He takes over a team that has two forwards over the age of 30 in newly acquired Ryan O’Reilly and Gustav Nyquist. Everyone else is an established veteran in their prime (Filip Forsberg, owner of one of the most epic mustaches in the NHL) or on the way up like Cody Glass and Luke Evangelista. Brunette’s going to get some scoring from the blue line, too, with Roman Josi and Tyson Barrie back there.
But the reason I like Nashville to make the playoffs has less to do with vibes and more to do with stopping pucks. The combination of Juuse Saros and Kevin Lankinen rated third in our goalie tandem rankings, finishing fourth in the NHL in team save percentage last season (.914). Saros is one of the NHL’s true work-rate goalies, having led the league in games played, saves and shots faced in 2022-23. Both of these netminders give the Predators a chance to win almost every night. It’s going to be up to Brunette to find a way to get Nashville to score more goals (2.72 goals per game average last season) than they give up (2.88 in 2022-23). I say he does it.
I believe in the “Mullett Magic!” Or at the very least, I believe that adding Logan Cooley to the roster means there’s a chance the Arizona Coyotes will move up the standings in an unforeseen way this season. I can see a scenario in which Connor Bedard wins the rookie goal-scoring title, Cooley wins the rookie points title and then the Calder for having done so with the Coyotes.
Recent acquisitions Jason Zucker and Alex Kerfoot should also bolster an offense that already has Clayton Keller, Lawson Crouse and Matias Maccelli back after impressive seasons. Sean Durzi should contribute points from the back end. This might not sound like much on paper, but I think the Coyotes’ sum will be greater than their parts and that coach André Tourigny is the right guy to solve that equation. If nothing else, Karel Vejmelka and Connor Ingram might be one of the most underrated goaltending tandems in the NHL.
Goaltending is also the reason why the Winnipeg Jets could be the one to snag the wild card that I expect the Predators will hold down. Rather than trade him as unrestricted free agency looms, the Jets have Connor Hellebuyck between the pipes to start the season. He was fourth in goals saved above expected last season (30.8) in 64 games, and a whopping 69% of his starts were considered “quality” starts by Hockey Reference. No matter what’s in front of him in Winnipeg, Hellebuyck makes the playoffs a possibility.
What’s not in front of him this season: Pierre-Luc Dubois, traded to the Kings, and Blake Wheeler, who is now with the Rangers. The Dubois trade yielded some interesting pieces in return: workmanlike Alex Iafallo, 23-year-old Rasmus Kupari and most notably center Gabriel Vilardi, who they hope continues to trend up after a breakout season in 2022-23. They join a forward group that’ll run it back again with Mark Scheifele as the No. 1 center, and Nikolaj Ehlers and Kyle Connor back as goal-generating wingers. I’m excited to see what Cole Perfetti does as a center this season. I’m also intrigued to see if Josh Morrissey‘s 76-point monster of an offensive season is a leap forward or an anomaly.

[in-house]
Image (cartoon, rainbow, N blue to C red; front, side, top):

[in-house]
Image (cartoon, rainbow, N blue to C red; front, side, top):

If I were St. Louis Blues coach Craig Berube, I would put Pavel Buchnevich, Robert Thomas and Jordan Kyrou on the same line all season and let them cook, considering they generated 4.17 goals per 60 minutes in 2022-23. But last season, Berube had to move some of those players around due to injuries and lineup inefficiencies. The same probably happens this season, as the Blues continued to say goodbye to familiar names (Ryan O’Reilly, Vladimir Tarasenko) and didn’t sufficiently replace them. I like the Kevin Hayes trade fiscally more than I like it on the ice. We’ll see if Kasperi Kapanen and Jakub Vrana build on the numbers they put up in what was essentially garbage time for the team.
The Blues are just kind of confounding at the moment. They have a bunch of defensemen with trade protection whose name recognition is more notable than anything they’re doing on the ice. And then there’s Jordan Binnington. He posted a minus-9.2 goals saved above expected and added only 0.5 wins in the standings, and yet there are always Blues fans at the ready to defend his “eye test” results … despite his save percentage having dropped in every season since leading them to the Stanley Cup in 2019. Ah well, at least we have his (seemingly inevitable) first fighting major to look forward to — will this be the year?
The Chicago Blackhawks have a 2005-06 Washington Capitals vibe. That team saw an unstoppable rookie force (Alex Ovechkin) win the Calder Trophy with an ungodly number of goals (52) on a roster populated by helpful veterans (Dainius Zubrus), remembering-some-guys randoms (Andrew Cassels) and franchise stars just trying to weather the rebuild (Olaf Kolzig).
When the Edmonton Oilers win the Stanley Cup as I have predicted (again), the acquisition of Mattias Ekholm from the Predators last season might be viewed as a turning point. Their expected goals percentage improved after his arrival on March 1. He’s a stabilizing force on their blue line and could be called upon to partner with young Evan Bouchard this season. That duo produced a robust 64.2% expected goals in just under 290 minutes of ice time together. If Bouchard has the star-making season many anticipate, Ekholm should have a hand in it.
The Oilers were two points away from winning this division last season. The Vegas Golden Knights ended up atop the Pacific and then rolled through the West en route to their first Stanley Cup championship. They’re going to be terrific again, with a clear path to being a 100-point team.
Coach Bruce Cassidy helped turn this group into an elite defensive team, finishing in the top three in expected goals against per 60 minutes. That enabled them to weather their problems in goal in a way that Pete DeBoer’s Golden Knights could not. That’s encouraging, because who knows what Vegas ends up with in the tandem of Adin Hill, who has never handled a starter’s workload, and Logan Thompson, who has only one injury-stunted rookie season to his credit.